So there you have it. Despite what some agencies would have you believe, if you are directly responsible for paying the bills, you have the right to choose whom you pay.
Over the past 2 years we have seen a continuous increase in rental yields across a whole spectrum of properties in Islington and surrounding areas of north and east London. However since the beginning of 2012 we have witnessed an unexpected drop in rental prices and an increase in void periods, a very unusual development in prime north London locations such as Islington.
Landlords and letting agents were promised a phenomenal year in 2012. The rental sector in this part of the Great Britain was supposed to be an ultimate winner. What has happened? Is this a dreadful economic indicator? How should landlords and letting agents react?
At The Islington Company we are staying optimistic and call this an ‘Olympic effect’. It did manifest itself in an unexpected way; however there is still a light at the end of the tunnel. During the end of 2010 and certainly throughout 2011 letting agents and landlords teamed up to make life relatively difficult for tenants.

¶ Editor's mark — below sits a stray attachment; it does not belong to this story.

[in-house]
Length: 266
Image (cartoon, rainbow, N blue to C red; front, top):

Tenants not only found themselves paying high and ever growing rental prices, but were also often 'gazumped' and asked to commit to longer than usual tenancy terms. Two year tenancy agreements almost became the norm allowing savvy letting agents and landlords to take advantage of applicants.
Hence with three months to go before our Olympics guests arrive; and with our familiar rental crowd firmly tied into their long agreements, we should not be so surprised with the current rental market.
At The Islington Company we have already noticed a change in the past few weeks. On the other hand, applicants registering now, having learned from the situation in 2011, are looking to move at the end of May/June and even planning for July.
As a landlord with an empty property on a letting agent’s books, you could always drop the price or instruct several agents. Failing that, you could let your property on a short term basis and then capitalise during the Olympic period. This time will allow you to market your property as available in August or September which is traditionally the best rental season.